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Size matters for ocean acidification effects

14 May 2012, by Tom Marshall

The microscopic organisms on which most marine life depends could be more vulnerable to ocean acidification than scientists realised, according to a new study.

Emiliana huxleyi

Coloured scanning electron micrograph (SEM) of Emiliania huxleyi.

Previous experiments may have given an unduly optimistic view of the phenomenon's impact on plankton. It turns out that the methods used may have biased their results.

'Plankton often grow in clumps or aggregates,' says Professor Kevin Flynn of Swansea University, lead author of the study. 'But the way they are handled tends to break these clumps up. When scientists starts working on a plankton sample in the lab, the first thing many of them do is give it a good shake.'

How changes in water chemistry affect microbes depends greatly on the size of the aggregate they're in, so studying plankton whose groupings have been disrupted may not give an accurate picture of the conditions they will face in the wild.

To correct this potential distortion, UK and Australian researchers used computer simulations to examine the chemical environment immediately around the bodies of plankton in varying conditions. They found that under projected levels of atmospheric CO2, many kinds of plankton will face bigger changes in their chemical environment than previously realised, and more variation in conditions over the day. These changes will be beyond anything in recent history.

Ocean acidification (OA) is happening as the carbon dioxide we release into the atmosphere dissolves in seawater to form a weak acid. Scientists predict that by the end of the century, seawater's average pH level will drop by 0.3 units - the lower the value, the greater the concentration of hydrogen ions in the water, and hence the more acidic the conditions.

At present the ocean's average pH is on the alkaline side of the neutral value of 7, and OA isn't expected to take it past this threshold, so it's a question of getting closer to acidity rather than actually becoming acidic.

A 0.3-unit drop in pH doesn't sound like a big change. But it equates to doubling the concentration of hydrogen ions, and will be the biggest shift in ocean conditions in 55 million years. Many organisms may struggle to deal with it, particularly those that grow external skeletons out of calcium carbonate.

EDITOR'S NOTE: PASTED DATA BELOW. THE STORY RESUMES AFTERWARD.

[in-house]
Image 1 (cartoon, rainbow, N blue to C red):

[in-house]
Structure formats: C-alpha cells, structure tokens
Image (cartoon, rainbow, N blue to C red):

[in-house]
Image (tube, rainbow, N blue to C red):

Organisms from crustaceans and corals to microscopic algae could be at risk; this study focused on photosynthetic plankton. These are among the most important living things on Earth; they form the base of the ocean food pyramid, turning sunlight into nourishment for grazing animals and ultimately predators.

They also play a major part in the global carbon cycle, and hence in regulating the climate. Some of the carbon they absorb through photosynthesis is taken out of the cycle for long periods and stored in sediments on the seabed.

Flynn explains that understanding the effects of OA on marine life is much more complex than it might seem. Even apart from the effects of their tendency to clump together, the metabolic processes of very small organisms can cause major changes in the conditions close to them. This means these organisms don't simply face the conditions found in seawater at a large scale; they create their own environment.

'Different types of plankton will experience different conditions depending on their sizes and metabolic rates,' Flynn says. Living things that are photosynthesising absorb carbon dioxide from the water around them, raising its pH; conversely those that are respiring absorb oxygen and emit CO2, lowering pH.

The results suggest that ocean acidification could change the mix of plankton living in the ocean, with species that can't deal with changed conditions losing out to those that can. Calcifying plankton are likely to feel the greatest effects, because the chemical processes involved in forming their chalky shells themselves contribute to lowering the pH of the water around them.

But Flynn says OA's impact will be complex. While calcifying plankton are alive, it's conceivable they won't be too badly affected; a more important consideration for the wider environment may be what happens after they die. If their skeletons dissolve instead of sinking to the seabed and being locked up in sediments, there are important implications for the carbon cycle.

The researchers now plan to turn their attention to other marine animals that may be at risk, including the early stages of fish and shellfish - these are microscopically tiny, forming part of the plankton, so are subject to similar small-scale environmental effects. This work on commercial fisheries is part of the UK Ocean Acidification Programme, supported by the Natural Environment Research Council (NERC), the Department for Environment, Food and Rural Affairs (Defra) and the Department of Energy and Climate Change (DECC).

NERC provided the primary funding for the study, which appears in Nature Climate Change. Its authors included scientists from Plymouth Marine Laboratory, the Marine Biological Association and the universities of Swansea and Dundee in the UK, and from the University of Technology Sydney and Monash University, Victoria in Australia.

Changes in pH at the exterior surface of plankton with ocean acidification, Kevin J. Flynn, Jerry C. Blackford, Mark E. Baird, John A. Raven, Darren R. Clark, John Beardall,Colin Brownlee, Heiner Fabian & Glen L. Wheeler. Nature Climate Change (2012) doi:10.1038/nclimate1489

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